“Let’s think about love. Waking up every day and loving someone who may or may not love us back, whose safety we can't ensure, who may stay in our lives or may leave without a moment's notice, who may be loyal to the day they die or betray us tomorrow – that's vulnerability. Love is uncertain. It's incredibly risky. And loving someone leaves us emotionally exposed. Yes, it's scary and yes, we're open to being hurt, but can you imagine your life without loving or being loved?”

~ Brene Brown

Over the last ten years Brene Brown has been involved in research on topics ranging from vulnerability, courage, and authenticity, to empathy and shame. This TED talk which went viral (viewed over 6 million times in 44 languages) is poignant, funny and profound. More importantly, it will change your life if you let it seep in.

We are all born with a deep neurological need for connection. Shame is fear of disconnection. We ask ourselves "is there something about me that if people see it or know, will make me unworthy of connection?" This fear of disconnection causes us to put up our defenses, hide, and blame. As you can imagine, it does a number on relationships. The thing is, we all have it, it's universal. People who do not experience shame are incapable of human connection. The problem is not in having shame, the problem is in what we do with it.

Blame, according to Brown, "is a way to discharge pain and discomfort". It creates the illusion of protecting us but ultimately it cuts us off from those we most love, and perhaps even more importantly, from ourselves. To protect ourselves from the perceived threat of vulnerability we try to make everything certain, we try to make ourselves right. The more afraid we are, the more vulnerable we are. Our defenses go up.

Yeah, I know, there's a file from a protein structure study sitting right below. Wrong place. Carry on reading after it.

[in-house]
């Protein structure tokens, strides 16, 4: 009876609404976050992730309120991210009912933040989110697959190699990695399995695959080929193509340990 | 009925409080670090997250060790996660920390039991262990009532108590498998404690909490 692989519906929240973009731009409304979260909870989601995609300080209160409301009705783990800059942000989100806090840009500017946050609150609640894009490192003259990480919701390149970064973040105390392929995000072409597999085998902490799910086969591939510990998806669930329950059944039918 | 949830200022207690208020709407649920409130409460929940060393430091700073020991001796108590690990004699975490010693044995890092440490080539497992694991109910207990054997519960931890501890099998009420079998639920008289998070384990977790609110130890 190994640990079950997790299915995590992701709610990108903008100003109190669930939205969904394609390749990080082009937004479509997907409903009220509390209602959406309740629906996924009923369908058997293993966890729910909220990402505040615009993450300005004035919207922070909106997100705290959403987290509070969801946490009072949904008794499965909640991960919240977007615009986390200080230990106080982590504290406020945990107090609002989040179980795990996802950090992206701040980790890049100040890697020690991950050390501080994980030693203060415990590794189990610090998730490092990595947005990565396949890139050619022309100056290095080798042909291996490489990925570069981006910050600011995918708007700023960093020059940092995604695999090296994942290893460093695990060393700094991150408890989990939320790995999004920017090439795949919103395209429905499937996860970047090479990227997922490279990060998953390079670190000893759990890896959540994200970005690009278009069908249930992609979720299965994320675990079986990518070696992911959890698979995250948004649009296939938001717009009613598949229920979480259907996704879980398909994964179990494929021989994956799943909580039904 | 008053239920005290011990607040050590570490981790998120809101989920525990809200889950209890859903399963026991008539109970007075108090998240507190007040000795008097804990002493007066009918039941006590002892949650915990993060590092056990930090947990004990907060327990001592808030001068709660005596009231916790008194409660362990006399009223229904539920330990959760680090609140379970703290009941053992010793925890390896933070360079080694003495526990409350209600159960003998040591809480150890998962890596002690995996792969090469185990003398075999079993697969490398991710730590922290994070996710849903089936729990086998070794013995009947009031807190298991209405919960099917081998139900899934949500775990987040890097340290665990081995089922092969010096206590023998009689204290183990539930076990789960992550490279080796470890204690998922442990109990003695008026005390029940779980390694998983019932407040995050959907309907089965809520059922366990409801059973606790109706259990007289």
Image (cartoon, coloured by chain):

What can we do? Brown proposes from insights gleaned in her research that we strive to be "Whole Hearted People". We can strive to be people who by definition have the courage to be imperfect, practice compassion with themselves and others, and have connection as a result of authenticity. These are people who fully embrace vulnerability. How do we do this? We let ourselves be seen – deeply seen – flaws and all. We love with our whole hearts even though there is no guarantee, taking a risk even with a spouse who has perhaps hurt us. We practice joy and gratitude.

And lastly, and most importantly, we believe that we are enough. This means that we walk the most delicate of paths where we believe we are worthy of love and kindness and insist on it, and simultaneously find it in our hearts to have empathy and understanding for the broken ways it can present at times in our life; drawing on empathy to find our way back to each other when we loose our way.

Interested in emotionally focused therapy or the Gottman method? We have marriage retreats and in-person couples counseling options using research-based techniques to give you the skills you need to succeed. 

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